I wasn’t sure what to expect when I picked up the phone and dialed Miguel Maldonado’s phone number. Miguel has been reading Street Photography Magazine for some time now from his home in Puerto Rico, but it was only recently that our team here got a glimpse of his beautiful street photos. That said, aside from having viewed his website, I didn’t know too much about him when I called him up for an interview.
Turns out, Miguel has had a truly interesting life thanks to photography, which has pretty much been a lifelong passion for him. Miguel spoke with me about how, from a very young age, he enjoyed spending his weekends taking photographs on the streets of small town happenings and of events involving Puerto Rico’s prized Paso Fino horses.
Miguel is now a professional photographer, but it wasn’t necessarily his intention to be one early on. Sometimes life has a funny way of getting you places. He had turned down the opportunity to take over his father’s business, got a Bachelor’s in arts and education and was working as a teacher when his life took a rather unexpected turn.
During a special Paso Fino event in Puerto Rico, he was taking some shots of the horses for a Venezuelan magazine when they asked to have the prints right away. Not equipped with a way to develop his photos, Miguel approached a man who was taking and developing photos on site and asked if he would develop his work for the magazine right away. Long story short, the man agreed and later asked Miguel, “How much do you make as a teacher?” He then proceeded to offer Miguel work as a photographer earning the same amount and threw in a car to boot. That was how Miguel’s on-the-side hobby turned into a 28 year long career in professional photography.
Over the years, Miguel has had the opportunity to photograph some very special events. In the 70s, for example, Miguel was at the very university where student Antonia Martinez was murdered by a police officer during student protests. Miguel explained that this happens all too often in governments, “University students are a government’s worst enemy because of their open mindedness” he said. Antonia’s death marked a turning point in Puerto Rico’s history, a turning point that Miguel dared to capture on film. He said they were tense times, and he had to be very careful, but he knew he was capturing history.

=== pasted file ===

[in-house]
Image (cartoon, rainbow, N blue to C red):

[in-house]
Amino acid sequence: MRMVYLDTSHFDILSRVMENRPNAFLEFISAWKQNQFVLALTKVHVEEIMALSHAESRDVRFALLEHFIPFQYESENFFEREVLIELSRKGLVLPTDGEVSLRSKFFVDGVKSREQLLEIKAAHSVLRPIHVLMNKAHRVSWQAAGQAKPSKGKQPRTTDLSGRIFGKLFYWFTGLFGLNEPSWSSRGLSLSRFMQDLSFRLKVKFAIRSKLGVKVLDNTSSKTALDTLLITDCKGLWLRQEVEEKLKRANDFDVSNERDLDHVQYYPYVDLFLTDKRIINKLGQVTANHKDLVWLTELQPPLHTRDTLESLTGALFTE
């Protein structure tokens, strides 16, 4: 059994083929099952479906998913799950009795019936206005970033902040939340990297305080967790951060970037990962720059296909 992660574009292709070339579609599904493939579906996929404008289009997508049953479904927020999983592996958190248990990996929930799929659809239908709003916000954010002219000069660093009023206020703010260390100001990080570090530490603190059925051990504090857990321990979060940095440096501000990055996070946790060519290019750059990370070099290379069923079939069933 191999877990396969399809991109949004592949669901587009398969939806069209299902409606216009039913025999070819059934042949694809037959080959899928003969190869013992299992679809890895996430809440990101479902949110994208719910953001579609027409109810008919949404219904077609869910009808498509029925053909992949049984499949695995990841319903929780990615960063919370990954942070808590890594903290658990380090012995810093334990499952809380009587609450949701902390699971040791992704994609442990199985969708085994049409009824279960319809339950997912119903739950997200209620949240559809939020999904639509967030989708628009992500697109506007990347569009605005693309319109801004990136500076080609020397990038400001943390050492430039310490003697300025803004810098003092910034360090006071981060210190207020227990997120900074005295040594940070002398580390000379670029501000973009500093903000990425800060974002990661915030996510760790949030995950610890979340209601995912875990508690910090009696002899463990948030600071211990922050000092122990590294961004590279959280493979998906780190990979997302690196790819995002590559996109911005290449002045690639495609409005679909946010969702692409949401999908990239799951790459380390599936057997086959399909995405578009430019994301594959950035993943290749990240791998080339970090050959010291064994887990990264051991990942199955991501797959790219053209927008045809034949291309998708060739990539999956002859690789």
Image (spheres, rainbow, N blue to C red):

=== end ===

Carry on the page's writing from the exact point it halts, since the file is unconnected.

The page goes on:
Miguel also has a passion for music, particularly jazz, and this passion is evident in his photos. Miguel said jazz is a conversation between instruments, it is spontaneous and the improvisation of musicians mean it is easy to see what they feel as they play and capture those feelings in photographs. Miguel’s love for music has led him to photograph at numerous concerts in many different countries. In fact, he was one of the only photographers present at the last concert of the famous musician Tito Puentes, before his untimely death. Miguel says he went to the concert to enjoy the music and take photos, never knowing how significant the event would turn out to be. I can’t help thinking that this story is a great example of why it’s important to always be ready to go out and shoot.